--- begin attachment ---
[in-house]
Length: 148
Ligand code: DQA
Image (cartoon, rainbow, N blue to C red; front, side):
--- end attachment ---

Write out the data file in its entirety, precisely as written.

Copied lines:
[in-house]
Length: 148
Ligand code: DQA
Image (cartoon, rainbow, N blue to C red; front, side):